Anybody can fall victim to a cult: all it takes is a difficult life transition to weaken your defences, an unmet need for meaningful spiritual work, and strong desire for a sense of belonging. Having regrettably been raised half in one, I often sense the parallels of enforced conformity of thought when in other contexts (often corporate or political). Everybody is vulnerable to these forces.

As the elder child, this parental division left me with an unresolved dilemma: which cosmology to follow? There was a related unconscious fear of parental rejection in making such a choice. By around the age of ten I had decided there was this alternative belief system called “science” that I rather liked, with some rather attractive “alternative facts” to the JW cosmology.

I chose rationalism over a dogmatic faith in an institution manifestly disconnected from reality. In a memorable conversation with my grandmother as a child, I was asked if I believed in The Truth™, only to answer that I didn’t, since I preferred the truth. Thus began a life journey in which I would never again meekly accept The Truth™ when offered as the truth.

Collapse #2: “Coming out” and having a heteronormativity bypass

It is not a secret that I irredeemably prefer cute guys to curvy girls, and that this took a while to fully figure out and accept. I have two daughters entering their teenage years, as well as a lovely boyfriend. This meant going through a tough “unreality collapse” nearly a decade ago.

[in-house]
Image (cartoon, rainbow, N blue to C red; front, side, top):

I have often been asked “when did you know you were gay?”. I tend to swivel my eyes and shrug my shoulders, since the answer to this question is impaled on two difficult words: “know” and “gay”. The former frames it as a “think” rather than “feel” matter, and the latter gives you a binary and culturally-defined category to fit in (or not). We are fluid, gender is complex, and sexuality has many facets.

The psychic baggage I had to ditch on the road to reality was rather burdensome. It was not merely a false belief that being heterosexual is morally upstanding, and homosexuality is not. Nor was it the guilt and shame and my identity and actions in the context of a straight marriage. What I had to offload was more like a false conjoined twin of “straight Martin”, that had to be left at the roadside to die alone.

To cope with conflicting beliefs, we engage in a process of “splitting”. When this goes far enough, we separate and become psychotic. Our sense of who we are is lost, and we inhabit a series of personas, none of which really represent us. Our actions in each persona might conflict with the beliefs and values of another persona, but their separation keeps us viable and seemingly safe.